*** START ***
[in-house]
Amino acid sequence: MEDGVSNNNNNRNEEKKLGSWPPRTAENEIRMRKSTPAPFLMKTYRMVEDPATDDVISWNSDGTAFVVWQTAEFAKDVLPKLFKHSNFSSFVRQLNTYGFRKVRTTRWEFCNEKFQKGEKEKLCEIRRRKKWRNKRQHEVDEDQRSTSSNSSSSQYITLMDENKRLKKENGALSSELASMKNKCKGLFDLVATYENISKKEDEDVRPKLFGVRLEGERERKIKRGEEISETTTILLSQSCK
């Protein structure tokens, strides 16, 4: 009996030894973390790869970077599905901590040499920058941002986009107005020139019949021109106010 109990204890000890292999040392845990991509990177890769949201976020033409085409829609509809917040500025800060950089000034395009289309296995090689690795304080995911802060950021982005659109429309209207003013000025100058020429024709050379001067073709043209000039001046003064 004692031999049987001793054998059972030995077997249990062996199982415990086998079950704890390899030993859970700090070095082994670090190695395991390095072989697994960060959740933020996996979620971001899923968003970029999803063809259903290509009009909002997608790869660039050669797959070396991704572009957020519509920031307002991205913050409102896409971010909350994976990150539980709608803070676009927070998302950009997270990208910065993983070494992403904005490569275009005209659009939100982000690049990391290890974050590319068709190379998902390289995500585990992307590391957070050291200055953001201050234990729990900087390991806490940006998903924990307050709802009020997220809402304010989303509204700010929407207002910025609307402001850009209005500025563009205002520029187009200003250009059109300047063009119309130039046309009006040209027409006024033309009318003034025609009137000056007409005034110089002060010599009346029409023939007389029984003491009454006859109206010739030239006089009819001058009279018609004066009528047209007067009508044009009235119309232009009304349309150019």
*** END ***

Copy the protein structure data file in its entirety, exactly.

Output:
[in-house]
Amino acid sequence: MEDGVSNNNNNRNEEKKLGSWPPRTAENEIRMRKSTPAPFLMKTYRMVEDPATDDVISWNSDGTAFVVWQTAEFAKDVLPKLFKHSNFSSFVRQLNTYGFRKVRTTRWEFCNEKFQKGEKEKLCEIRRRKKWRNKRQHEVDEDQRSTSSNSSSSQYITLMDENKRLKKENGALSSELASMKNKCKGLFDLVATYENISKKEDEDVRPKLFGVRLEGERERKIKRGEEISETTTILLSQSCK
């Protein structure tokens, strides 16, 4: 009996030894973390790869970077599905901590040499920058941002986009107005020139019949021109106010 109990204890000890292999040392845990991509990177890769949201976020033409085409829609509809917040500025800060950089000034395009289309296995090689690795304080995911802060950021982005659109429309209207003013000025100058020429024709050379001067073709043209000039001046003064 004692031999049987001793054998059972030995077997249990062996199982415990086998079950704890390899030993859970700090070095082994670090190695395991390095072989697994960060959740933020996996979620971001899923968003970029999803063809259903290509009009909002997608790869660039050669797959070396991704572009957020519509920031307002991205913050409102896409971010909350994976990150539980709608803070676009927070998302950009997270990208910065993983070494992403904005490569275009005209659009939100982000690049990391290890974050590319068709190379998902390289995500585990992307590391957070050291200055953001201050234990729990900087390991806490940006998903924990307050709802009020997220809402304010989303509204700010929407207002910025609307402001850009209005500025563009205002520029187009200003250009059109300047063009119309130039046309009006040209027409006024033309009318003034025609009137000056007409005034110089002060010599009346029409023939007389029984003491009454006859109206010739030239006089009819001058009279018609004066009528047209007067009508044009009235119309232009009304349309150019």